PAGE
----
Since 1962, Cornell has been involved in unmanned missions to Mars. In the 21st century, Cornell had a hand in the Mars Exploration Rover Mission. Cornell's Steve Squyres, Principal Investigator for the Athena Science Payload, led the selection of the landing zones and requested data collection features for the Spirit and Opportunity rovers. Jet Propulsion Laboratory engineers took those requests and designed the rovers to meet them. The rovers, both of which have operated long past their original life expectancies, are responsible for the discoveries that were awarded 2004 Breakthrough of the Year honors by Science. Control of the Mars rovers has shifted between NASA's Jet Propulsion Laboratory at Caltech and Cornell's Space Sciences Building. Further, Cornell researchers discovered the rings around the planet Uranus. Also, Cornell built and operated the world's largest and most sensitive radiotelescope in Arecibo, Puerto Rico.
In 1952, John O. Moore at the Cornell Aeronautical Laboratory began the Automotive Crash Injury Research project. (In 1972, the lab was separated from the University as Calspan Corporation.) It pioneered the use of crash testing, originally using corpses rather than dummies. The project discovered that improved door locks, energy-absorbing steering wheels, padded dashboards, and seat belts could prevent an extraordinary percentage of injuries. The project led Liberty Mutual to fund the building of a demonstration Cornell Safety Car in 1956, which received national publicity and influenced carmakers. Carmakers soon started their own crash-test laboratories and gradually adopted many of the Cornell innovations. Other ideas, such as rear-facing passenger seats, never found favor with carmakers or the public.[source?]
In 1984, the National Science Foundation began work on establishing five new supercomputer centers, including the Cornell Center for Advanced Computing, to provide high-speed computing resources for research within the United States. In 1985, a team from the National Center for Supercomputing Applications began the development of NSFNet, a TCP/IP-based computer network that could connect to the ARPANET, at the Cornell Center for Advanced Computing and the University of Illinois at Urbana-Champaign. This high-speed network, unrestricted to academic users, became a backbone to which regional networks would be connected. Initially a 56-kbit/s network, traffic on the network grew exponentially; the links were upgraded to 1.5 Mbit/s T1s in 1988 and to 45 Mbit/s in 1991. The NSFNet was a major milestone in the development of the Internet and its rapid growth coincided with the development of the World Wide Web.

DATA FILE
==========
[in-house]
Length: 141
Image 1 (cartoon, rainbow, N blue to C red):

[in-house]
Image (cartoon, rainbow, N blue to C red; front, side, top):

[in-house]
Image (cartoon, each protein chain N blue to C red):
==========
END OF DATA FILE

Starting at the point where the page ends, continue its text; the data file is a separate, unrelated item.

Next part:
Cornell scientists have researched the fundamental particles of nature for more than 70 years. Cornell physicists, such as Hans Bethe, contributed not only to the foundations of nuclear physics but also participated in the Manhattan Project. In the 1930s, Cornell built the second cyclotron in the United States. In the 1950s, Cornell physicists became the first to study synchrotron radiation. During the 1990s, the Cornell Electron Storage Ring, beneath Alumni Field, was the world's highest-luminosity electron-positron collider. After building the synchrotron at Cornell, Robert R. Wilson took a leave of absence to become the founding director of Fermilab, which involved designing and building the Tevatron, the largest accelerator in the United States. Cornell's accelerator and high-energy physics groups are involved in the design of the proposed International Linear Collider and plan to participate in its construction and operation. The International Linear Collider, to be completed in the late 2010s, will complement the Large Hadron Collider and shed light on questions such as the identity of dark matter and the existence of extra dimensions.
In the area of humanities and social sciences, Cornell is best known for being one of the world's greatest centers for the study of Southeast Asia. The Southeast Asia Program (SEAP) at Cornell is designated as a National Resource Center (NRC) by the United States Department of Education 2010–2014. Therefore, the SEAP is nationally prominent in promoting advanced foreign language training, area and international knowledge in the liberal arts and applied discipline focused on Southeast Asia. The George McTurnan Kahin Center for Advanced Research on Southeast Asia is in the historic "Treman House." The George McTurnan Kahin Center is home to SEAP graduate students, visiting fellows and scholars, faculty members, and SEAP's Publication and Outreach offices.
Notes[change | change source]
- The other is the Massachusetts Institute of Technology.
- It was a part of the New York State College of Home Economics.
- It began as a part of the New York State College of Agriculture. Until 1972, it was called the "New York State College of Home Economics."
References[change | change source]